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Why Trust?

P1040509_SnapseedIt was an issue in the Garden.

Without it, so many years later, we still miss the mark of what God is looking for in us. Without trust the Bible says we cannot please him.

Why would it be such a non-negotiable then and now? And if we had the courage of Abraham, and Moses, and Job to argue with the Almighty, is there a sense in which we might have our own beef with God because of the trust, he requires of us– when we’re not sure we can?

Refs: (Rom 14:23); (Heb 11:6)

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26 Responses to “Why Trust?”

  1. SFDBWV says:

    I like this topic and question because it has many doors.

    The first thought that comes to mind is, is it important to please God. Is that what He wants from us? Can we?

    I have always held very tightly to the importance of *believing* God. It seems central to being Christian to *trust* Jesus to be who He has said He is, to *believe* in the words and resurrection and then again *trust* all the remainder of our lives to Him and our eternity.

    If only believing and trusting Him is all that is required of me then it is the trials and tribulations of life that test that trust and the tensile strength of that belief.

    One can spend a life then of misery and unhappiness all the while believing that somehow *pleases* God.

    I don’t really want to believe that God wants us unhappy and miserable, I would rather want to believe that in spite of all of the pain that this life brings to so many we can still believe and trust God and be *CONTENT* in His will.

    I guess there is Mart a very thin line between *arguing* with God and asking for explanation or pleading for answered prayer. Yes always afraid we may upset Him and then be punished even worse than the place we may find our lives in already.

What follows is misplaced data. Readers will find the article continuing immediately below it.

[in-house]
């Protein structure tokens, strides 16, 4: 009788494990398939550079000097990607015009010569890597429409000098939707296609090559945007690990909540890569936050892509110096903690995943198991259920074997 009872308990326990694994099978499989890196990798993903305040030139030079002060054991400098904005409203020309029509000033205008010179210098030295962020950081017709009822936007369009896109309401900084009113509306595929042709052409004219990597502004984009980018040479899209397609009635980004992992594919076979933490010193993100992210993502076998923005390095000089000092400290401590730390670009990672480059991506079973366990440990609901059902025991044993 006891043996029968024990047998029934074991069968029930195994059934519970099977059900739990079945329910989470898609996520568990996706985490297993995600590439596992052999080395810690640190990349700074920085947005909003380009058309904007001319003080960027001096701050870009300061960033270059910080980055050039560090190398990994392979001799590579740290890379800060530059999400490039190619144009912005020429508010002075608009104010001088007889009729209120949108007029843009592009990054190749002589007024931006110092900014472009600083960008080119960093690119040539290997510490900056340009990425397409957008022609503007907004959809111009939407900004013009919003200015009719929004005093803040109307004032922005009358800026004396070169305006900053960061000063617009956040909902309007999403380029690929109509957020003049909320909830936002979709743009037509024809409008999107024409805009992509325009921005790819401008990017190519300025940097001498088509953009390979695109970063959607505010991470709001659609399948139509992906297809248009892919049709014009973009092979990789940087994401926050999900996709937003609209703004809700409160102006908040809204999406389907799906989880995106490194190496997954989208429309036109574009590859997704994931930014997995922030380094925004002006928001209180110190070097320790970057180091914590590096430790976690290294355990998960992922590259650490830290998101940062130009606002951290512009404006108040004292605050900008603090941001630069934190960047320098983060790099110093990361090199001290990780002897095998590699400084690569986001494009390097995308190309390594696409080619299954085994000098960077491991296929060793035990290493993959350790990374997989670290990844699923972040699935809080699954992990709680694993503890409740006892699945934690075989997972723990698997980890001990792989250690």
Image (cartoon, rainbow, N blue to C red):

Jesus called God *Father*; as a father myself I would ask is it important that my children *please* me? What is it that I want for my children, in life and in eternity?

    My answers seem to merge with what I believe God wants, while at the same time, by giving over to God all power, I wonder why so many suffer and why the innocent suffer the most.
    There seems to be a lot to think about here so I will go for now.

    Bill I very much appreciated your comments at the end of the last topic, a shame we can’t just set on my porch and watch the clouds roll by and ponder these things together.


  2. remarutho says:

    Good Morning All —

    The gift of the Scriptures — Old and New Testaments — is here so that we may come to them with trust and faith that they are God-breathed.

    Jesus says, “I am the resurrection and the life; he who believes in Me shall live even if he dies, and everyone who lives and believes in Me shall never die.” (John 11:25)

    We trust because God is who God says he is. It seems to me God welcomes our honest questions. Answers come through living out, or “trying out” our trust in him. Surely God brings us to faith that increases as we trust.


  3. Bill says:

    @Steve, you wrote:

    “Bill I very much appreciated your comments at the end of the last topic, a shame we can’t just set on my porch and watch the clouds roll by and ponder these things together.”

    Thank you. I have friends whose ministry is about questions. They welcome and encourage deep questions because wrestling with our faith enables us to become rock-solid in it…or walk away from it for a spell to ponder the Whys and the Whats, and then return with greater clarity and surety. If God didn’t mind questions, he’d have made our minds like flash drives that can be wiped, written on, used, and wiped again.

    Let’s plan to do some cloud-watching in the future. So many clouds. So many questions. We’d have a blast. :)

    Your post this morning was typical Steve: crystal clear and as refreshing as mountain air.

    Regarding the “arguing” part of Mart’s post, I think the Bible is full of people who raised their fists at the heavens to confront the Almighty. Sometimes, this took the place of running away (Jonah). Or literal wrestling (Jacob). Or debating and second-guessing (Habakkuk).

    The New Testament is full of questions, some of them seemingly stupid or self-centered. One of the most confounding to me is one I quoted here before, this passage from John 13: